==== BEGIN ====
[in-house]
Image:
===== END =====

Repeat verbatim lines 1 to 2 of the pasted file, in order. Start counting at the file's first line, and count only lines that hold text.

[in-house]
Image: